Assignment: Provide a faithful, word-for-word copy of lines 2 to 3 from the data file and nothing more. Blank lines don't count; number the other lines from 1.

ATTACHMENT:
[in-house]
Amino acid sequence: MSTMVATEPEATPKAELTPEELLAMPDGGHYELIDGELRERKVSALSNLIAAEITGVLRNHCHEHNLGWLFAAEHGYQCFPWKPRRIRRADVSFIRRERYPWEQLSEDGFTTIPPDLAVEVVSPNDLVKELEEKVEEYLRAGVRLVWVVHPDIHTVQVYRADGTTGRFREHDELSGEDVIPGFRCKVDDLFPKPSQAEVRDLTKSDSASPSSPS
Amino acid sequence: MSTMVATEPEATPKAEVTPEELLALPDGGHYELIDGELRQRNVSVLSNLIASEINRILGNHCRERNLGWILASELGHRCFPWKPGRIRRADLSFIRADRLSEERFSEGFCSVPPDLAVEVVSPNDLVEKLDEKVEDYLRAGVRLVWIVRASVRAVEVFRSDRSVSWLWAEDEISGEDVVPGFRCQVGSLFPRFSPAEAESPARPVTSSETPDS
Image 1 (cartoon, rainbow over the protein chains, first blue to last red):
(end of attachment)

Amino acid sequence: MSTMVATEPEATPKAELTPEELLAMPDGGHYELIDGELRERKVSALSNLIAAEITGVLRNHCHEHNLGWLFAAEHGYQCFPWKPRRIRRADVSFIRRERYPWEQLSEDGFTTIPPDLAVEVVSPNDLVKELEEKVEEYLRAGVRLVWVVHPDIHTVQVYRADGTTGRFREHDELSGEDVIPGFRCKVDDLFPKPSQAEVRDLTKSDSASPSSPS
Amino acid sequence: MSTMVATEPEATPKAEVTPEELLALPDGGHYELIDGELRQRNVSVLSNLIASEINRILGNHCRERNLGWILASELGHRCFPWKPGRIRRADLSFIRADRLSEERFSEGFCSVPPDLAVEVVSPNDLVEKLDEKVEDYLRAGVRLVWIVRASVRAVEVFRSDRSVSWLWAEDEISGEDVVPGFRCQVGSLFPRFSPAEAESPARPVTSSETPDS